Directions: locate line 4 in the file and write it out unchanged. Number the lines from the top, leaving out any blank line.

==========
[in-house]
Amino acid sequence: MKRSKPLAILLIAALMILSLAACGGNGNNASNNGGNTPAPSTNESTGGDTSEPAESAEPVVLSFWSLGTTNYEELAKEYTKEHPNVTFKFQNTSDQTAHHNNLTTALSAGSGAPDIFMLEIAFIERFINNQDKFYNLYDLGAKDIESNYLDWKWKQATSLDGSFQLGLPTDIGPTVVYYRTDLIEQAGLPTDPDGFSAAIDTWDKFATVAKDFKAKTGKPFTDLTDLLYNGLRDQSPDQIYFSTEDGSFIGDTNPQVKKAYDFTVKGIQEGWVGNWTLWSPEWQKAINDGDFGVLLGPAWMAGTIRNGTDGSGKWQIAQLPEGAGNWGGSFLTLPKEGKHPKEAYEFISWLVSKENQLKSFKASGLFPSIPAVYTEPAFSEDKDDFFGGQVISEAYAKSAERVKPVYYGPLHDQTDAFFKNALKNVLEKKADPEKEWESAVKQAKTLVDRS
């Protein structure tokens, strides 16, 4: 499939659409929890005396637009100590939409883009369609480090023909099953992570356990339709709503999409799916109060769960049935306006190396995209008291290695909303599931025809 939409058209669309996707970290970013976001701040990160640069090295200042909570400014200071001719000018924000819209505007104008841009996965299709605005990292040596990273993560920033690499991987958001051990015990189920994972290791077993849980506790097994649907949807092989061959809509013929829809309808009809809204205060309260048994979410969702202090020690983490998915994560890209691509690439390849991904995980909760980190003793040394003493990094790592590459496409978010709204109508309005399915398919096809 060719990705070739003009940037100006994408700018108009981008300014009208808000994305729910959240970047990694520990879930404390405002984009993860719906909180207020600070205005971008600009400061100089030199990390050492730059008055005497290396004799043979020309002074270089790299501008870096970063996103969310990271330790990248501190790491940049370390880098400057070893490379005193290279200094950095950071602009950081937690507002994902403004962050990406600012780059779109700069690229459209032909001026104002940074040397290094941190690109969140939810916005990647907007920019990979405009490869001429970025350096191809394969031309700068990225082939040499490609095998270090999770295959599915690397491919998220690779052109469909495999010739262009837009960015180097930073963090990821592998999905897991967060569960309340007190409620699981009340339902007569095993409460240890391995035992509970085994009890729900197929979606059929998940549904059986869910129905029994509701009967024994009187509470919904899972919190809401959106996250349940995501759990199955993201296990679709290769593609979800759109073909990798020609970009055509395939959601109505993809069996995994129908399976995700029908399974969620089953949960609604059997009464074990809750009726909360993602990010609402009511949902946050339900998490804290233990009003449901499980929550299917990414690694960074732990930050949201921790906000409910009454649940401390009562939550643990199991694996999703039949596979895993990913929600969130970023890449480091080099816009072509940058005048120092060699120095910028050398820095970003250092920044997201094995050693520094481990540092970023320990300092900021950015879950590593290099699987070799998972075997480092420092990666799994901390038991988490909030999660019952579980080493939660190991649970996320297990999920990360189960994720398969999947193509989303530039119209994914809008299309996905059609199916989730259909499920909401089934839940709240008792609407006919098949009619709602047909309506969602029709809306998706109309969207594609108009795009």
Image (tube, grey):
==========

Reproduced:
Image (tube, grey):